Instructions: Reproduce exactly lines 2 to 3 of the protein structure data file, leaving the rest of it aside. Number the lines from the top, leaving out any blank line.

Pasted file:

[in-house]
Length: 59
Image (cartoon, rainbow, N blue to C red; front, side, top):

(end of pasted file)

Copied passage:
Length: 59
Image (cartoon, rainbow, N blue to C red; front, side, top):